Another major problem I have with the film is its take on surrogacy and any sort of baby-making process other than that of the biological. Tina Fey can’t get pregnant via artificial insemination because she has a T-shaped uterus. She can’t adopt a child because she would be a single parent and they don’t like those. She opts to pay $100,000 for a surrogacy with Amy Poehler because it’s her only option. However, and I don’t want to give away any plot points, but the movie paints surrogacy as some sort of Alien invention by making the creator, Sigourney Weaver, of the agency Fey goes to as some eccentric loony-bin who can still get pregnant in her fifties. And, in case you’re wondering, there are plenty of jokes about that too.


When the surrogacy with Amy Poehler fails to work because of her own stupidity and Tina Fey gets knocked up the old fashioned way, the film is taking a conservative bend that is most unwelcoming. It’s saying “you can still get pregnant if you wait for the right man to come along.” Greg Kinnear’s penis must be the eight wonder if it can turn a thirty-seven year old T-shaped uterus into something workable. Movies like Baby Mama that deal directly with topics like different kinds of reproduction methods should be striving to depict these issues in a positive light or they won’t be taken seriously.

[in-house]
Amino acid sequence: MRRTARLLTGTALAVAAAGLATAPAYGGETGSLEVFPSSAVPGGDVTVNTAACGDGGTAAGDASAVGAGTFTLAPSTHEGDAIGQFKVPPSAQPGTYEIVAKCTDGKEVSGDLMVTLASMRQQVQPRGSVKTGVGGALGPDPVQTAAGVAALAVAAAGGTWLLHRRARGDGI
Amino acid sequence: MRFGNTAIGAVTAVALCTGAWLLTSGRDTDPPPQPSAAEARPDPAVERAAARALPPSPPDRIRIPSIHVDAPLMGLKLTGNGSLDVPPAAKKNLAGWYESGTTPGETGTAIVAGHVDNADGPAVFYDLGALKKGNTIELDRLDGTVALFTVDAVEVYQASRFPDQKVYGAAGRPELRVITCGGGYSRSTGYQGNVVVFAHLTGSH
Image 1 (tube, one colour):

Bad Baby Mama. Bad. Bad.

Thursday, May 1, 2008

The Cyrus Complex

Which picture is more disturbing?

I’m sure everyone and their mother has heard about the Miley Cyrus Vanity Fair photoshoot by now. It’s gained a lot of controversy for the first picture because it supposedly depicts the latest role model/pop princess as a sexual being. The latter picture, included in the same article, is not being discussed at all. I’ll ask the question again – which picture is more disturbing?

The latter one is for several reasons. The first that springs to mind is obviously the fact that she’s entangled in her father’s arms in the same way several perfume/cologne ads (heck, just ads in general) feature men and women as sex objects to sell their product. Secondly, by not ackowledging and abhorring the father/daughter photo for the same reasons as the individual photo, society is proving, once again, that it’s perfectly alright to be a sexual object as long a man is in the picture. That, in my opinion, is abominable.